David Pocock versus Dan Leavy and other key battles ahead of Australia v Ireland

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Ireland will be looking to avenge their first Test defeat when they face the Wallabies for the second of their three match series on Saturday (14:00 UAE time).

Here, we take a look at three key battles which could decide the outcome of the match in Melbourne.


The Leinster man wasn’t included in the matchday squad for the first Test due to injury, but looks primed to contain the dominance of Pocock in Melbourne.

The 24-year-old has been instrumental this season for Leinster and Ireland with his strong offloading, solid carrying and smoking footwork all serious threats.

A high class operator at the breakdown, Leavy will need to cut down the impact of Pocock – with the Wallabies star having a field day against the Irish last Saturday.

The Brumbies man was making his first appearance last week since December 2016 and was a nuisance at the breakdown.

He made seven carries for 10 metres gained, made 15 tackles, won four turnovers, had a staggering 56 ruck involvements, claimed two line outs and scored a late try.

It might seem like a mammoth test for Leavy, but his ability to tackle, win his own ball and show willingness in the tight areas may help stem the Zimbabwean’s supremacy.

Although there is a vast level of experience between the duo, expect it to be a humdinger of a battle.


The best out-half in the Northern Hemisphere returns to the starting line-up after being left on the bench for the first Test defeat in Brisbane.

The 32-year-old’s addition to the starting XV brings more to the table in terms of game management skills, kicking from hand and an ability to get the back-line moving at pace.

He can pin his opponents back deep into their own territory, with his game management skills critical to how the Men in Green perform in the 10-12 axis.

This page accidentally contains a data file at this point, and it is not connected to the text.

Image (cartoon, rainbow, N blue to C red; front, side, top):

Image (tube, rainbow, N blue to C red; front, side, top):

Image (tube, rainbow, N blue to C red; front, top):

But his opposite number is one of just several obstacles standing in his way of Ireland’s threat in this area, with Foley part of a Wallabies back-line that can attack from any position.

Foley has chalked up 556 points from 56 Tests, at an average of 9.92 points a game, while Sexton has scored 683 points from 80 for an 8.53 average.

The 28-year-old – a try scorer in the first Test – can orchestrate the game from ten and with Will Genia alongside him in the half-backs, he will once again look to upset the tempo of Ireland.

Although Sexton’s kicking from tee has been off colour this season, he can still cause serious damage with ball in hand and solidity in defence. Will be central to Saturday’s result.


The Wallabies scrum was a massive strength in the first Test and Ireland will need to marshal this area if they are to gain a foothold in the contest.

Sio and Kepu were major parts of the Wallabies’ granite-like defence in Brisbane, with the latter in particular, shining with nine tackles and one turnover.

The Waratahs warrior remains a reliable presence, but his front-row partner Sio needs to make more of a contribution on the ground if they are to cut down the impact of a mighty Irish front three which features Healy and Furlong.

Furlong, the best tighthead in the world, is an imposing presence and always has the edge in the scrum, but he’ll need plenty of assistance from Healy to get the upperhand on a dominant Wallabies forward unit.

The Wallabies purred with confidence last Saturday, but with the return of first choice stars, Ireland will hoping to step up against Michael Cheika’s side.

Set up to be one of the tightest battles on the pitch.

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